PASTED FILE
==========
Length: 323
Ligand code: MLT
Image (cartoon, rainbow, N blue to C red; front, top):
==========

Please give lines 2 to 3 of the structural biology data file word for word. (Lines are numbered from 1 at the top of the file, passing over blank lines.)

Ligand code: MLT
Image (cartoon, rainbow, N blue to C red; front, top):